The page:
Jorge Pinochet, Cinta Calvet, Adriana Hernández-Dorrego, Ariadna Bonet, Antonio Felipe, and Marian Moreno
Two trials involving 20 Prunus rootstocks were conducted under greenhouse conditions to screen for resistance to root-knot nematode [Meloidogyne javanica (Treub.) Chitwood]. Many of the tested materials are interspecific hybrid rootstocks and represent new commercial peach (P. persica Batsch) and plum (Prunus sp.) releases or experimental genotypes of Spanish, French, and Italian origin. In the first trial, the rootstocks Adesoto 101 (P. insititia L.), Bruce (P. salicina Lindl. × P. angustifolia Marsh.), Ishtara, AC-952 (P. insititia), Garnem [P. dulcis (Mill.) D.A. Webb × P. persica], Cadaman [P. persica × P. davidiana (Carr.) Franch], and Orotava (P. salicina) were immune or resistant to a mixture of 10 isolates of M. javanica. The remaining rootstocks, Myrocal (P. cerasifera Ehr.), Montclar (P. persica), and Adafuel (P. dulcis × P. persica), were susceptible. In the second screening trial, the plum rootstocks Adesoto 101, Adara (P. cerasifera), Myro-10 (P. cerasifera), Constantí (P. domestica L.), and AD 105 (P. insititia) were immune to the root-knot nematode. Cadaman, G × N No. 17 (P. dulcis × P. persica), and Tetra (P. domestica) were resistant. Laroda F1OP (P. salicina), Myro-almond (P. cerasifera × P. dulcis), and the peach–almond hybrids Mayor, Adafuel, and Sirio were susceptible.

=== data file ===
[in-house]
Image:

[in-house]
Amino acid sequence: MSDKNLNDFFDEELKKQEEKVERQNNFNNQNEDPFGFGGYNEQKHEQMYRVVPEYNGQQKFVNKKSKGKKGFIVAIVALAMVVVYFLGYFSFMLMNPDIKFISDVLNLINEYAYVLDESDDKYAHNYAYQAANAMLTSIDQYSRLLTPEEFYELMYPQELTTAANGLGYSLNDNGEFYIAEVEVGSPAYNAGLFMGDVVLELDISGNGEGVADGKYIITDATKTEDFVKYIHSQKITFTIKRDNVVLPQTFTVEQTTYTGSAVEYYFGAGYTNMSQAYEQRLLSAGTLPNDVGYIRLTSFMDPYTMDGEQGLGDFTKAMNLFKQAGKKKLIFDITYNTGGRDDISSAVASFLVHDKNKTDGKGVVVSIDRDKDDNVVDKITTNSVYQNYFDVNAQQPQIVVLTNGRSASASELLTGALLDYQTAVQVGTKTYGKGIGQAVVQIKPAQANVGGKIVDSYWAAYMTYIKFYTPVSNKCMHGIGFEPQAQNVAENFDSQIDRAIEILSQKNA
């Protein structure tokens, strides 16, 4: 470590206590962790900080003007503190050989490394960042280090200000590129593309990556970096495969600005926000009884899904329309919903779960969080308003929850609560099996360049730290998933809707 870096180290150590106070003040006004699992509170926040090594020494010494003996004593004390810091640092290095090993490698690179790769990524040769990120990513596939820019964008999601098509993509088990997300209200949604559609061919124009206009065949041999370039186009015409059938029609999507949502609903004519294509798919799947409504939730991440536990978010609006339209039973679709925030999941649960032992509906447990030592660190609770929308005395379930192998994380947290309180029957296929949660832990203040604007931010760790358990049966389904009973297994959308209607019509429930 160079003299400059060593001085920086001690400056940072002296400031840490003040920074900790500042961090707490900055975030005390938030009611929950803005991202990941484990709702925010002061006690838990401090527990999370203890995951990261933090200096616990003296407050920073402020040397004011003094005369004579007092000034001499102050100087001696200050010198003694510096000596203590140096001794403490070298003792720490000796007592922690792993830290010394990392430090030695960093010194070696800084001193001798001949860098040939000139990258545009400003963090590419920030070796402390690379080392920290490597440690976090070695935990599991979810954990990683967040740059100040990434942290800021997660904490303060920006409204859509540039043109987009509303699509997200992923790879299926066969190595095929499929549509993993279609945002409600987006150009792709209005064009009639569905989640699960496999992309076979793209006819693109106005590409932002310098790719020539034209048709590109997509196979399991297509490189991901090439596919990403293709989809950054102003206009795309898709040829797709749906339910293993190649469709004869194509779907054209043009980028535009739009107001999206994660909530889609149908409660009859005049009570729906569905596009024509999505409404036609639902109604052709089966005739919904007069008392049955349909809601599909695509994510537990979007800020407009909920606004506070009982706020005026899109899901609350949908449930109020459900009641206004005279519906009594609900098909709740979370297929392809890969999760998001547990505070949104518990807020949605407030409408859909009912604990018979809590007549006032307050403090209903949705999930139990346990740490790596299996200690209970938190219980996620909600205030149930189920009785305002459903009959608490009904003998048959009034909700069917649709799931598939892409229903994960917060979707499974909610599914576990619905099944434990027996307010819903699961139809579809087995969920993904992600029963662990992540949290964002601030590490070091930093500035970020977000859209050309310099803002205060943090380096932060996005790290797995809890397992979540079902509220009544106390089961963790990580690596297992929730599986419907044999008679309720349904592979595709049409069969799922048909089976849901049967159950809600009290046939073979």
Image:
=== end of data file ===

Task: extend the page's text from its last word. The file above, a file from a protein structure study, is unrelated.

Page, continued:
Jose X. Chaparro, Ronald R. Sederoff, and Dennis J. Werner
Total cellular DNA has been extracted from leaves and\or seed of Prunus dulcis, P. persica, P. mira, P. davidiana, P. persica subsp. ferganensis, and P. triloba. Chloroplast restriction fragments have been visualized by Southern blot analysis using heterologous probes from a petunia chloroplast library. Analysis of preliminary data separates the species into three groups. The first contains P. dulcis, P. mira, and P. davidiana; the second P. kansuensis, P. persica, and P. persica subsp. ferganensis; and the third P. triloba.
PCR amplification using oligos for cytosolic glyceraldehyde-3-phosphate dehydrogenase yields genomic fragments approximately 1kb in size from P. dulcis and P. triloba. Sequence analysis will be performed to determine species relationships at the gene level.
Group-author : R. Socias i Company
Pollen tube growth was studied in 10 almond [Prunus amygdalus Batsch, syn. P. dulcis (Mill.) D.A. Webb] selections of the Zaragoza breeding program, whose main objective is the development of self-compatible cultivars. Self-compatibility was evident in eight of the selections, as indicated by the fact that pollen tube growth was similar following self- and cross-pollination. In the other two selections, pollen tube growth differed following self- and cross-pollination, one showing self-incompatibility and the other an irregular progression of crossed pollen tubes. The importance of the style in sustaining pollen tube growth was evident, and pollen tube growth was influenced by style type.